With the disruption caused by COVID-19, Doxa has taken this as an opportunity to rethink, repurpose, and pivot into new strategies for still accomplishing its mission of house building, education, and community throughout Tijuana. These needs don’t cease just because of the current pandemic. While all of our lives in the short-run have been drastically altered by COVID-19, Doxa remains attentive and perceptive in the ways that COVID-19 may have impacts in the long-run. We hope to be able to use this window of opportunity as a way to ultimately better serve the families of Tijuana. 

Below is an update on fundraising efforts for house building and both orphanage funds. Thank you to everyone who has contributed towards these efforts, we’re making great progress! You can continue to be involved through active prayer, giving, and reaching out to someone you know in the Tijuana community.

Total fundraising in response to COVID-19

Being Helpful: Relief, Rehabilitation, or Development

Our response to poverty and how we carryout poverty alleviation plans matters. We have a desire to help in a productive way, and not enable or make worse someone’s situation in the long-run. How can we do this? 

First, it helps to determine what type of poverty alleviation effort is appropriate: relief, rehabilitation, or development. This classification was pioneered in the best-selling book, When Helping Hurts

  • Relief is characterized by an urgent need that people are incapable of fulfilling themselves typically due to a one-time crisis (think COVID-19 sickness or food shortage).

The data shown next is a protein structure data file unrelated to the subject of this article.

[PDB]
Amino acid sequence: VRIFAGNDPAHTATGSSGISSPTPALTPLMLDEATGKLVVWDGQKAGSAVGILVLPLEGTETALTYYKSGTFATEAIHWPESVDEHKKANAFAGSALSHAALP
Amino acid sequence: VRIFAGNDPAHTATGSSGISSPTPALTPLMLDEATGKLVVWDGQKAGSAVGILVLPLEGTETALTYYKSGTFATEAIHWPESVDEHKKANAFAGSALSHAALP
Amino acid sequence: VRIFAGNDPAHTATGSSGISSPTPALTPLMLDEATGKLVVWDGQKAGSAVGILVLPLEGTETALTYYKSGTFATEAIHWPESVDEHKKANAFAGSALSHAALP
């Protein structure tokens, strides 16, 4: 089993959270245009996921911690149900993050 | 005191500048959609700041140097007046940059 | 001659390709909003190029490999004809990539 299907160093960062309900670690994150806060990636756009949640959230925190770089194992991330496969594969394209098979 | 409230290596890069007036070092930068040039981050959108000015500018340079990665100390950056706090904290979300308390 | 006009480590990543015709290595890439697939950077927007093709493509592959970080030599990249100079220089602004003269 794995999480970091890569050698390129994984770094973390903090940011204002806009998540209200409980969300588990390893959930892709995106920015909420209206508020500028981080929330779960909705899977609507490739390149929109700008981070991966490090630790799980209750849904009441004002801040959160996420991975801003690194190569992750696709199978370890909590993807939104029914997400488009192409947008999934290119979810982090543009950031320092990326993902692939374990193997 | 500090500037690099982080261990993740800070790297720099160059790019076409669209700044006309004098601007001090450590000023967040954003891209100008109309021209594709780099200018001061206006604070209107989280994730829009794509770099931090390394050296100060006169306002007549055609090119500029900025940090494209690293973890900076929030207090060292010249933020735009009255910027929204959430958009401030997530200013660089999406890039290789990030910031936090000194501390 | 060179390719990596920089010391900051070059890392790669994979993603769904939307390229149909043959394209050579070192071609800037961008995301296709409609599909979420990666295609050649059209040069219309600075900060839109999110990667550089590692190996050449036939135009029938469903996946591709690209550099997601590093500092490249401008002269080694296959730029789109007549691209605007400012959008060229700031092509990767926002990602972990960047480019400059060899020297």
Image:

• Rehabilitation occurs when people have recovered their bearings and can start to actively be part of their own solution (think active job searching after unexpected job loss). This continues until they return to pre-crisis conditions. 
  • Development describes the growth that someone has above and beyond their pre-crisis state (think moving into a nicer house due to years of dedicated job growth or being able to provide education opportunities to their children that were unattainable for themselves). Development can take years to materialize and even span generations in the same family. 

Another key distinction between these poverty alleviation strategies is that relief is typically done to someone and rehabilitation and development are done with someone (learn more from The Chalmers Center). 

Within the current context of COVID-19 in Tijuana, Doxa’s response has been a mixture of relief and rehabilitation. Relief efforts have included food distribution to community households, special emergency funding to orphanages, and the provision of face masks. The procurement process for the food and face masks has been rehabilitation as we source these items locally. Partnering with a local farmer, produce vendor, and larger grocery stores to give them all needed business. Repurposing our house curtain maker, Luis, to instead make hundreds of face masks during this time. Additionally, when legally allowed to resume house building, Doxa will be employing local people to build houses. Another example of rehabilitation efforts. 

Even without the challenging times of COVID-19, it can be hard to accurately respond to poverty. For some it evokes an emotional and spiritual reaction and for others an alarming panic and urgency to just do something. If we’re not careful, however, the wrong application can lead to long-term harm. As the situation around COVID-19 further develops and gradually comes to an end, there will be another difficult decision-point on the horizon. When to stop relief efforts before they start to do harm? 

How do kids end up in a Tijuana orphanage? Is “orphanage” even the correct term?